How would you describe the original sound of the music? Disco-prog?

Yeah, I think you’re right! When I composed The War Of The Worlds I was a young guy. I was composing a piece that was at the height of the punk revolution and disco was the king of the dancefloor. So my musical influences were going to be whatever was out there at the time. And I liked to dance – I still do – so having a groove within the opening composition helped it along. I had the angst of a young guy, you know, so while I wasn’t doing three minute punk pieces the feel of “I wanna smack you in the face” was definitely there [laughs], and I think it came out in what HG gave me – a story that was human as well as alien. The alien side was the electronic and aggressive side. The human side was the more acoustic and symphonic string writing. So as a composer, arranger, producer I had everything there as a palette that HG gave me, basically.

Do you see the album in the tradition of musical theatre or stuff like Emerson, Lake & Palmer, that ‘70s craze for SF concept albums? Where do you think it sits?

I never actually thought of the term concept album during the whole time I was writing and producing it. I just had this opportunity as a composer and a producer to interpret this amazing story. So what came out of me was a reflection of what I heard as a sound, the guy that I was in that world. Yes, I was interpreting a story, no doubt about it, but I never really thought too deeply about that – the truth was I was just trying to compose an honest piece of music. I was very fortunate to attract not only the guest stars – every single one of them was at the peak of their game – but the band were also the guv’nors of the live and session world. So to attract everybody that I did, and to get such a positive vibe off them as collaborators… it’s unique to my life. I know why I wanted to do it, and look at the people I wound up working with…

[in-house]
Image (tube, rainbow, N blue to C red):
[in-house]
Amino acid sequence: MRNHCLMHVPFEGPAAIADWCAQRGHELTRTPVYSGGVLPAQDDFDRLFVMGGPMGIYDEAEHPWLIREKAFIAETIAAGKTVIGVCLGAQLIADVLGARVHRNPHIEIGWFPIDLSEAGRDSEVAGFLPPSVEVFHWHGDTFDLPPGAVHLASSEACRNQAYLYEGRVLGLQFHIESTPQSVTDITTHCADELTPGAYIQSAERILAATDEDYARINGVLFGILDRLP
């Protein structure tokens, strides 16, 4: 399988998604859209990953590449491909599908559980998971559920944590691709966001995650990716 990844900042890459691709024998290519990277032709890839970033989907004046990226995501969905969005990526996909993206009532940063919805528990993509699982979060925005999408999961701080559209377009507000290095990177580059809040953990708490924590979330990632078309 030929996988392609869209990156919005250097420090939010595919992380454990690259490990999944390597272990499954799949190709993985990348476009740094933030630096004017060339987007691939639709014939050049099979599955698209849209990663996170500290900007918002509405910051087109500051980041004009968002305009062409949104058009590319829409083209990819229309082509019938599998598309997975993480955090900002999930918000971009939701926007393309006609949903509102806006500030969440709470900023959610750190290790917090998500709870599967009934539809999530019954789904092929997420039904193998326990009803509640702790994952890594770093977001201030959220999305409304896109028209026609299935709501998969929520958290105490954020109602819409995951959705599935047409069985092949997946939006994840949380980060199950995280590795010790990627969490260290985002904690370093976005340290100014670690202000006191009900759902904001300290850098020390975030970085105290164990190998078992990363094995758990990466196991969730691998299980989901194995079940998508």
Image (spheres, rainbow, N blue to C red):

You were so lucky with your timing. The album arrived just as Star Wars ignited that whole late ‘70s SF boom.

Yes, that’s absolutely true, and I like to say “Wasn’t I clever, the way I timed all that?” [laughs] The truth was I had no idea about half of those things coming out. But Star Wars had broken big, of course, Star Trek was coming back, Close Encounters and ET followed… The whole science fiction genre had been rediscovered all around the world. Whereas if you want to look at the opposite side of that, when I did my musical version of Spartacus, the whole historic genre was not out there at that point. Six or seven years later you started seeing Gladiator, and more recently Braveheart, Rome… it’s a long list. So that was not great timing. I was not in the groove on that one!